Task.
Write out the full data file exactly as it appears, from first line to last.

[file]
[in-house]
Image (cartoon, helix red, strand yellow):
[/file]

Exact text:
[in-house]
Image (cartoon, helix red, strand yellow):